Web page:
After an icebreaker game, students will write about the attitudes, social skills, and communication skills of effective team members. To construct a “Happy Home” recipe, students instinctively discussed the similarities and differences between cultures.

No, these students are not gifted; nor are they native English speakers; nor am I a great teacher. (See the beginning of this article!) These are simply tales of children who have been given a powerful vocabulary for learning. The PYP language enables students to think about themselves and the world in deep, relevant, connected ways. Indeed, I believe some students use the PYP vocabulary as a schematic home base, or mental lens, to interpret all new learning.

This has the effect of constantly strengthening and consolidating prior understanding, across all disciplines. For me, the magic was in the language. By giving up the pretense, I discovered that this curriculum is different. It provides a common vocabulary, which empowers minds and connects content.

And the bonus? I have even more time for those stand-alone place value lessons.

Ms. O’Dwyer teaches Grade 4 and is Literacy Coordinator at Beijing BISS International School.

Please fill out the form below if you would like to post a comment on this article:

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02/09/2016 - G Greene
As IB teachers we want our students to be reflective. This is a great model and encouragement of us as educators to follow.
01/05/2016 - Mrs C
So glad I stumbled upon this fabulous article whilst trying to read and learn all I can ahead of moving to a PYP school next term. I have a feeling I might be a 'pretender' for a little while. It's going to be hard to let go of the tried and tested 'amazing inquiry' units I have developed, but I'm willing to give it my best shot. Thanks for your honest reflection.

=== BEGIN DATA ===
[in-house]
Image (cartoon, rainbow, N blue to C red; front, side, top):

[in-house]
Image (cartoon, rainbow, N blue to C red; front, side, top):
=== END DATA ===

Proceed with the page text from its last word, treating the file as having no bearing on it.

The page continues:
01/02/2016 - Shilpa
Love your reflection.....makes me feel like your reading my mind. Wish to read more of all the challenges you faced and the magic you discovered.
08/10/2015 - Bruce Ferrington
Love this honest reflection. Makes you wonder, can we then justify teaching "stand-alone" maths?
06/14/2015 - raji
True to your experience,I am also a person who believe and look for this magic...i firmly believe that this feeling always makes me to be a new learner ,search for opportunity that can help my kids to explore this world....Best wishes??
03/16/2015 - Jai
Wow!!! Very insightful. I used to feel I was like this. I am still now learning even with my years of experience of IB. Great read!
11/19/2014 - Sakina
I can relate to this so well. I am evolving exactly the same way. I find it much easier to address only one or two sub skills at a time. Initially I found going through the scope and sequence a tedious process but it has now become my bible!!
08/23/2014 - Jennysfen
Thank you so much for sharing your story. I know that many of us go through the same experience. I'm not sure if you've heard of #pypchat (twitter chat for PYP & inquiry teachers), but we would love if you could take part in our next chat (28 Aug 2014) as the focus of the discussion is - Why the PYP? I think your contribution would be greatly appreciated. I hope you don't mind, but I've also linked this post to our resources section of the PYPChat wiki. (
11/25/2013 - Cindy

This is a wonderful article and it illustrates just how difficult it is to really walk the walk versus talk the talk.

What an honest account of your journey learning how to effectively teach the IB curriculum.

What shines through is your integrity as an educator because even though initially you were sort of going through the motions, you knew in your heart of hearts that you were really just window dressing.

When you really made the leap, not only were you able to see the benefits with your students, but you were on a more authentic path both personally and professionally.

Thanks for sharing!